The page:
14. The system of claim 12, wherein the at least one promotional offer is based on the historical transaction data.
15. The system of claim 14, wherein the data ecosystem is further configured to generate at least one future purchase prediction of the customer based on the current transaction data and the historical transaction data.
16. The system of claim 15, wherein the customer is identified as a desirable customer based on the at least one future purchase prediction.
17. The system of claim 16, wherein the data ecosystem is further configured to receive transaction data from an encrypted data cache.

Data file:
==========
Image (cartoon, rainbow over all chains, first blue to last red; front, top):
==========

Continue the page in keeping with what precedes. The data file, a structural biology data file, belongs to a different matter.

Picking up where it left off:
18. The system of claim 17, wherein the data ecosystem is configured to decrypt the data received from the encrypted data cache.
19. A method for offering a promotional award at the point of sale between a customer and a merchant, the method comprising:
receiving current transaction data related to a digital transaction between the customer and the merchant;
receiving historical transaction data related to past purchasing behavior of the customer;
identifying the customer as a desirable customer based on the current transaction data and the historical transaction data; and,
generating at least one promotional offer for the customer.
20. The method of claim 19, wherein the current transaction data is received from an encrypted data cache.